that impugns the integrity of so many C.I.A. officers when it implies — 
as it does clearly through the conclusions — that the agency’s 
assessments were willfully misrepresented in a calculated effort to 
manipulate.”

The entire report is more than 6,000 pages long, but the committee voted 
in April to declassify only its 524-page executive summary and a 
rebuttal by Republican members of the committee. The investigation was 
conducted by staff members working for Democratic senators on the committee.

The New York Times and other news organizations received an advance copy 
of the report and agreed not to publish any of its findings until the 
Senate Intelligence Committee made them public. The Times did not 
receive an advance copy of the Republican rebuttal.

Many of the most extreme interrogation methods — including waterboarding 
— were authorized by Justice Department lawyers during the Bush 
administration. But the report also found evidence that a number of 
detainees had been subjected to other, unapproved methods while in 
C.I.A. custody.

The torture of prisoners at times was so extreme that some C.I.A. 
personnel tried to put a halt to the techniques, but were told by senior 
agency officials to continue the interrogation sessions.

The Central Intelligence Agency used contentious interrogation 
techniques, including waterboarding and sleep deprivation, on dozens of 
the 119 men it detained in secret prisons between 2002 and 2008. A newly 
released report by the Senate Intelligence Committee found that the 
agency routinely misled the White House and Congress about the program.

Within days of the Justice Department’s approval to begin waterboarding 
the prisoner, Abu Zubaydah, the sessions became so extreme that some 
C.I.A. officers were “to the point of tears and choking up,” and several 
said they would elect to be transferred out of the facility if the 
brutal interrogations continued.

During one waterboarding session, Abu Zubaydah became “completely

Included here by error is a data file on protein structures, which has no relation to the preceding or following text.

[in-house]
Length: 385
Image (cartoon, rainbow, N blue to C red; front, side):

unresponsive with bubbles rising through his open, full mouth.” The 
interrogations lasted for weeks, and some C.I.A. officers began sending 
messages to the agency’s headquarters in Virginia questioning the 
utility — and the legality — of what they were doing. But such questions 
were rejected.

“Strongly urge that any speculative language as to the legality of given 
activities or, more precisely, judgment calls as to their legality 
vis-à-vis operational guidelines for this activity agreed upon and 
vetted at the most senior levels of the agency, be refrained from in 
written traffic (email or cable traffic),” wrote Jose A. Rodriguez Jr., 
then the head of the C.I.A.'s Counterterrorism Center.

“Such language is not helpful.”

The Senate report found that the detention and interrogation of Mr. 
Zubaydah and dozens of other prisoners were ineffective in giving the 
government “unique” intelligence information that the C.I.A. or other 
intelligence agencies could not get from other means.

The report also said that the C.I.A.'s leadership for years gave false 
information about the total number of prisoners held by the C.I.A., 
saying there had been 98 prisoners when C.I.A. records showed that 119 
men had been held. In late 2008, according to one internal email, a 
C.I.A. official giving a briefing expressed concern about the 
discrepancy and was told by Mr. Hayden, then the agency’s director, “to 
keep the number at 98” and not to count any additional detainees.

The committee’s report concluded that of the 119 detainees, “at least 26 
were wrongfully held.”

“These included an ‘intellectually challenged’ man whose C.I.A. 
detention was used solely as leverage to get a family member to provide 
information, two individuals who were intelligence sources for foreign 
liaison services and were former C.I.A. sources, and two individuals 
whom the C.I.A. assessed to be connected to Al Qaeda based solely on 
information fabricated by a C.I.A. detainee subjected to the C.I.A.'s 
enhanced interrogation techniques,” the report said.

Many Republicans have said that the report is an attempt to smear both 
the C.I.A. and the Bush White House, and that the report cherry-picked 
information to support a claim that the C.I.A.'s detention program 
yielded no valuable information. Former C.I.A. officials have already 
begun a vigorous public campaign to dispute the report’s findings.

In its response to the Senate report, the C.I.A. said that to accept the 
Intelligence Committee’s conclusions, “there would have had to have been 
a yearslong conspiracy among C.I.A. leaders at all levels, supported by 
a large number of analysts and other line officers.